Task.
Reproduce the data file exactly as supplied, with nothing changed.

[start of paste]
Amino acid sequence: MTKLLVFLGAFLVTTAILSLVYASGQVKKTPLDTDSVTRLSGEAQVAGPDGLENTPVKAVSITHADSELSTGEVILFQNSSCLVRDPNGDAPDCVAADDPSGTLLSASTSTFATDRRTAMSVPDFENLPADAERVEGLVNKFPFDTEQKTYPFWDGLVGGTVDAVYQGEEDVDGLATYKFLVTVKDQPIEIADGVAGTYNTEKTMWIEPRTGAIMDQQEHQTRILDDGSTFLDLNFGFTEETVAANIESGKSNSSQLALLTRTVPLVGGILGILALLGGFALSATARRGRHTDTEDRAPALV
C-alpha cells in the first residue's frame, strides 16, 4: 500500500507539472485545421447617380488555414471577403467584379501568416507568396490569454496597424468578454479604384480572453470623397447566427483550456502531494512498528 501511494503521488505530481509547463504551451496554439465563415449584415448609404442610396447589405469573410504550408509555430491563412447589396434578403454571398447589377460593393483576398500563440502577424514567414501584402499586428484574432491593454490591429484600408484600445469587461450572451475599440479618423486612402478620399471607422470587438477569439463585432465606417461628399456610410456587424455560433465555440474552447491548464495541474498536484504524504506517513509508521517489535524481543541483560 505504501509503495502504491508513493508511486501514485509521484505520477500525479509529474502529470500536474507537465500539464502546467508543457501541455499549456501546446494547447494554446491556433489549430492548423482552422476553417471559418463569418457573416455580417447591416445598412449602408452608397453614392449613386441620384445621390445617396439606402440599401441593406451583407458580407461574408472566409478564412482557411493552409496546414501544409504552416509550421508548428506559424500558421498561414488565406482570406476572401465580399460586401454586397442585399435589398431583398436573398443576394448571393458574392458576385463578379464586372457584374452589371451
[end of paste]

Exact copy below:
Amino acid sequence: MTKLLVFLGAFLVTTAILSLVYASGQVKKTPLDTDSVTRLSGEAQVAGPDGLENTPVKAVSITHADSELSTGEVILFQNSSCLVRDPNGDAPDCVAADDPSGTLLSASTSTFATDRRTAMSVPDFENLPADAERVEGLVNKFPFDTEQKTYPFWDGLVGGTVDAVYQGEEDVDGLATYKFLVTVKDQPIEIADGVAGTYNTEKTMWIEPRTGAIMDQQEHQTRILDDGSTFLDLNFGFTEETVAANIESGKSNSSQLALLTRTVPLVGGILGILALLGGFALSATARRGRHTDTEDRAPALV
C-alpha cells in the first residue's frame, strides 16, 4: 500500500507539472485545421447617380488555414471577403467584379501568416507568396490569454496597424468578454479604384480572453470623397447566427483550456502531494512498528 501511494503521488505530481509547463504551451496554439465563415449584415448609404442610396447589405469573410504550408509555430491563412447589396434578403454571398447589377460593393483576398500563440502577424514567414501584402499586428484574432491593454490591429484600408484600445469587461450572451475599440479618423486612402478620399471607422470587438477569439463585432465606417461628399456610410456587424455560433465555440474552447491548464495541474498536484504524504506517513509508521517489535524481543541483560 505504501509503495502504491508513493508511486501514485509521484505520477500525479509529474502529470500536474507537465500539464502546467508543457501541455499549456501546446494547447494554446491556433489549430492548423482552422476553417471559418463569418457573416455580417447591416445598412449602408452608397453614392449613386441620384445621390445617396439606402440599401441593406451583407458580407461574408472566409478564412482557411493552409496546414501544409504552416509550421508548428506559424500558421498561414488565406482570406476572401465580399460586401454586397442585399435589398431583398436573398443576394448571393458574392458576385463578379464586372457584374452589371451